Cartagena is a city which gets under your skin almost instantly.
Its crumbling walls of yellow, red, and blue, are perhaps the most photogenic we’ve ever seen in South America.
However this beauty goes to another level when juxtaposed with the endless street scenes which unfold before you when exploring this impossibly hot Colombian city. There’s the old man selling mangoes and watermelons in front of the tango club, family barbershops full of laughing men, a spontaneous street band playing on Carrera 10 under billowing flags at sunset, the woman making fresh fruit juices in front of the old banana-yellow church.
The city has, undeniably and unequivocally, seen a lot of change in the last decade. Much of this is positive, a bellwether that Colombia’s position as a safe country for travel has now spread outwith the backpacker network. However, Cartagena is also starting to become a victim of its Instagram-and-word-of-mouth fuelled success; on our two trips to the city across four years, the scale and pace of its tourist transformation really did take us by surprise.
Yet a destination which ebbs and flows between being the inspiration for many of Garcia Marquez’s dreamlike creations and the poster child for the opportunities of tourism in the ‘new Colombia’ is never going to be jettisoned from itineraries covering our favourite country in South America - whether you’re travelling Colombia for a few weeks or a few months.
To help you have the most memorable time in the city, here are our favourite things to do in Cartagena, including insider advice on where to stay, how to find an insight into authentic Colombia, and some of the best places to eat and drink.
The Best Things to Do in Cartagena
Explore The Streets of Getsemaní
If something has drawn you toward Cartagena, then it’s likely to be a photo of one of its many, many, colourful streets.
Although there are no shortage of these dreamy kaleidoscopic calles and carreras within the Walled City (more on those later), we largely preferred those we found ten minutes walk away in and around the Getsemaní neighbourhood.
Once the grungy, gritty, salubrious part of old Cartagena, Getsemaní evolved into the hub for backpackers and curious travellers in the last decade. However, it was clear on our most recent visit that gentrification and wider tourism have now also arrived here in spades. Although homeless men still sleep in one section of the painted street off Plaza de Trinidad, which was unlit and avoided for years, that section is now also home to a cool Italian restaurant, cocktail bar, and visitors strolling to or from some of the various boutique hotels nearby.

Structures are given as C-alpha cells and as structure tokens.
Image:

So the invisible barrier between Getsemaní and the historic walled tourist centre of Cartagena is certainly now blurred to the extent that it no longer exists, and the pace of development is clear. Its punk spirit is fading quickly, being replaced by the modern and hipster-friendly aesthetic of new Cartagena within the crumbling, colourful colonial walls.
And yet, it remains our favourite part of Cartagena though (we’re also suckers for that hipster-friendly aesthetic, so totally get that we’re part of the problem!) and, for our money, it’s still home to the prettiest and most atmospheric nooks and crannies of the city even if those nooks and crannies are less and less populated by various generations of families.
If you explore in the early morning or with an open mind off the main streets, you can still find moments and snapshots of the old Cartagena.
Tip | If it’s you’re flying into Cartagena and it’s your first time in the country, then it’s a good idea to book a private airport transfer online before you arrive to bring you straight to your hotel.
Apologies for that terrible pun, but it’s at least better than Andrew’s preferred option of ‘A Street C-ART-agena Named Desire’.
Ok, they’re both equally terrible.
Colombia has actually become a bit of a mecca for graffiti artists, and though Bogota is the undisputed epicentre for this (weirdly due to Justin Bieber), Cartagena’s walls are home to some of our favourite works.
The Indian girl on the doorway, the beaming Afro-Colombian woman with streamers for hair, the masked group of children staring down at your with menace or glee. Many of these works will reveal themselves to you as you stroll around the street, and share stories indelibly linked to the story of the neighbourhoods, their most famous sons and daughters, and the city’s past and present. One piece however - “Las Tres Guerreras” (The Three Warriors) - is so hypnotic, towering, and well-executed, that you simply have to seek it out at the entrance to the new (and rather fabulous) Santuario Hostel.
You can read more about the artist and the piece here, and can see some more shots of Cartagena’s Street Art in this post. There are also various 2-3 hour street art specific tours advertised in hostels and cafes across the city.
Brunch At Cafe Stepping Stone
We had been travelling for three months in South America, and so were hankering for some decent brunch and a lazy morning catching up on news on our first morning in Cartagena. We strolled down Carrerra 10, which has always been a go-to place for backpacker-friendly eats in Cartagena, and saw that much had changed; mostly for the better.
The blackboard menu at Cafe Stepping Stone drew us in with its promises of smashed avo, homebacked sourdough, and flat whites (yes, we recognise our hypocrisy right now given the hipster rants, but we did at least admit that we’re also suckers for it?!)
The brunch and atmosphere was so good, we went back twice. However, it’s also the ethos and work that Stepping Stone’s three young Australian founders are doing which really makes it stand out amongst the rest.
It’s a social-enterprise cafe which employs and trains local disadvantaged youth, with the cafe providing them with skills, confidence and opportunities to gain future employment and change their lives. They have had a really good first two years, with positive results for those they are aiming to help, and they share everything transparently over on their website too.